There is also a section of the Congregation responsible for the investigation and verification of private revelations (such as Marian apparitions). The Congregation has recently declared that the writings of Mrs Vassula Ryden (widely disseminated throughout the World) are not the result of revelations by Our Lord to her.
The Congregation is responsible for the Pontifical Biblical Commission and the International Theological Commission.
This Congregation has full responsibility for matters pertaining to any of the Eastern Rites of the Church and their governance. It has competence over all matters (which in the Latin rite would be governed by one of the other dicasteries). The only dicasteries that retain their competence with respect to the Eastern Churches are the Congregation for the Doctrine of the Faith, the Congregation for the Causes of Saints, the Apostolic Penitentiary, the Supreme Tribunal of the Apostolic Signatura, the Tribunal of the Roman Rota and the Congregation for Divine Worship and the Discipline of the Sacraments. So, all matters which would normally be within the competence of say, the Congregation for Bishops or the Congregation for the Clergy, are dealt with by the Congregation for the Eastern Churches.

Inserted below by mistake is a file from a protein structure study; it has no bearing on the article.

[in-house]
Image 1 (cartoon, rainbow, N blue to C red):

This Congregation has primary responsibility (subject to any competency of the Congregation for the Doctrine of the Faith) for the Sacred Liturgy and the Sacraments. They must prepare all rubrics, approve translations, etc.
As an example, though, of the overriding competency of the Congregation for the Doctrine of the Faith, the recent rejection of use of the New Revised Standard Version of Scripture in the liturgy in the United States was a directive from the Congregation of the Doctrine of the Faith based on theological difficulties with the text rather than a directive of this Congregation.